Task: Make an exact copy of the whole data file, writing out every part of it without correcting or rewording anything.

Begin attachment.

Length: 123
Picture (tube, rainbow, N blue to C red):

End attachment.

Length: 123
Picture (tube, rainbow, N blue to C red):